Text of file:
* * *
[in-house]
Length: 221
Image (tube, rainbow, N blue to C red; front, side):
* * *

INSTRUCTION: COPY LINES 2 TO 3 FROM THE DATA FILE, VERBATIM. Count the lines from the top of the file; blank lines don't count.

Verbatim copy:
Length: 221
Image (tube, rainbow, N blue to C red; front, side):